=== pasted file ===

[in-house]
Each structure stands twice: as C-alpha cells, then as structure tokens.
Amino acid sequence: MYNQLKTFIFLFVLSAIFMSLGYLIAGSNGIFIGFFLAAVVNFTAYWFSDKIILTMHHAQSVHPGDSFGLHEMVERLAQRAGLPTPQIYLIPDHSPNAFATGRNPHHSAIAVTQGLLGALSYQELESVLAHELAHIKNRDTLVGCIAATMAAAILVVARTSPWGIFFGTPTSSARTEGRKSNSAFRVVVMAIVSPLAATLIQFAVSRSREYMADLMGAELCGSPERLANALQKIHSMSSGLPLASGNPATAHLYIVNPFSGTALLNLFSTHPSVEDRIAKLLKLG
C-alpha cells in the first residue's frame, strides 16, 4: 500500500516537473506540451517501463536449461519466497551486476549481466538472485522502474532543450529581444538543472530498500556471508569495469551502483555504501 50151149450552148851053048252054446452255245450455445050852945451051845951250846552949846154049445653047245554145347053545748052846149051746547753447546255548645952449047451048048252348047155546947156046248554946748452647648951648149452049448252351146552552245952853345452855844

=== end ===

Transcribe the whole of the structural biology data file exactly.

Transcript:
[in-house]
Each structure stands twice: as C-alpha cells, then as structure tokens.
Amino acid sequence: MYNQLKTFIFLFVLSAIFMSLGYLIAGSNGIFIGFFLAAVVNFTAYWFSDKIILTMHHAQSVHPGDSFGLHEMVERLAQRAGLPTPQIYLIPDHSPNAFATGRNPHHSAIAVTQGLLGALSYQELESVLAHELAHIKNRDTLVGCIAATMAAAILVVARTSPWGIFFGTPTSSARTEGRKSNSAFRVVVMAIVSPLAATLIQFAVSRSREYMADLMGAELCGSPERLANALQKIHSMSSGLPLASGNPATAHLYIVNPFSGTALLNLFSTHPSVEDRIAKLLKLG
C-alpha cells in the first residue's frame, strides 16, 4: 500500500516537473506540451517501463536449461519466497551486476549481466538472485522502474532543450529581444538543472530498500556471508569495469551502483555504501 50151149450552148851053048252054446452255245450455445050852945451051845951250846552949846154049445653047245554145347053545748052846149051746547753447546255548645952449047451048048252348047155546947156046248554946748452647648951648149452049448252351146552552245952853345452855844